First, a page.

Published On: Thu, Dec 22nd, 2016

You Are What You Exhale: Different Diseases Have Distinct Chemical Signature


Dr. Morad Nakhleh - Photo credit Office of the Spokesperson,  Technion


The ancient Greeks were right! Each disease has its own chemical signature that can be identify just by “smelling” the patient’s breath, and using artificial intelligence to analyze the data obtained from the sensors.

Diagnostic techniques based on breath samples have been demonstrated in the past, but until now, there has not been scientific proof of the hypothesis that different and unrelated diseases are characterized by distinct chemical breath signatures.

This hypothesis first proposed by the ancient Greeks was confirmed by an international team of 56 researchers in five countries, led by Professor Hossam Haick of the Technion-Israel Institute of Technology Department of Chemical Engineering.

The findings were published today in ACS Nano.

The study of more than 1, 400 patients included 17 different and unrelated diseases: lung cancer, colorectal cancer, head and neck cancer, ovarian cancer, bladder cancer, prostate cancer, kidney cancer, stomach cancer, Crohn’s disease, ulcerative colitis, irritable bowel syndrome, Parkinson’s disease (two types), multiple sclerosis, pulmonary hypertension, preeclampsia and chronic kidney disease.

Samples were collected between January 2011 and June 2014 from in 14 departments at 9 medical centers in 5 countries: Israel, France, the USA, Latvia and China.


Professor Hossam Haick of the Technion-Israel Institute of Technology


The researchers tested the chemical composition of the breath samples which enabled accurate quantitative detection of the chemical compounds they contained. 13 chemical components were identified, in different compositions, in all 17 of the diseases.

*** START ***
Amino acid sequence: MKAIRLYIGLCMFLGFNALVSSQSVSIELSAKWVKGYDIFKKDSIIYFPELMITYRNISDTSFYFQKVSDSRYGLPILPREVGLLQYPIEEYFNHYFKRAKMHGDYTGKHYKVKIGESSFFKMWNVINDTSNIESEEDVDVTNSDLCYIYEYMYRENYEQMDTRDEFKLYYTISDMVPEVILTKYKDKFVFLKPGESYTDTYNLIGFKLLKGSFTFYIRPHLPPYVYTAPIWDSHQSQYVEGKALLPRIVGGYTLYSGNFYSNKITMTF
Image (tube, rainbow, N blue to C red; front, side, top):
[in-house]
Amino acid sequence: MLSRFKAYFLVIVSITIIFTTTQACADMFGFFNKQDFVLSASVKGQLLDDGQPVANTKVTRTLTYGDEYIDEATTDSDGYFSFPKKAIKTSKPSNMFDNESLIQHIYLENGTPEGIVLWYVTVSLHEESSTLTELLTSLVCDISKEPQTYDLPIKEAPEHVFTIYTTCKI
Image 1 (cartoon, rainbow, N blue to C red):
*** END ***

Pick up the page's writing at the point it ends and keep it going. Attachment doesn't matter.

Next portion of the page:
“Each of these diseases is characterized by a unique fingerprint, meaning a different composition of these 13 chemical components.”according to Prof. Haick. “Just as each of us has a unique fingerprint that distinguishes us from others, each disease has a chemical signature that distinguishes it from other diseases and from a normal state of health. These odor signatures are what enables us to identify the diseases using the technology that we developed.”

With a new technology called “artificially intelligent nanoarray, ” developed by Prof. Haick, the researchers were able to corroborate the clinical efficacy of the diagnostic technology. The array enables fast and inexpensive diagnosis and classification of diseases, based on “smelling” the patient’s breath, and using artificial intelligence to analyze the data obtained from the sensors. The system has detected and classified various diseases with an average accuracy of 86%.


“This is a new and promising direction for diagnosis and classification of diseases, which is characterized not only by considerable accuracy but also by low cost, low electricity consumption, miniaturization, comfort and the possibility of repeating the test easily.” Prof. Haick said. “Breath is an excellent raw material for diagnosis, ” said Prof. Haick. “It is available without the need for invasive and unpleasant procedures, it’s not dangerous, and you can sample it again and again if necessary.”



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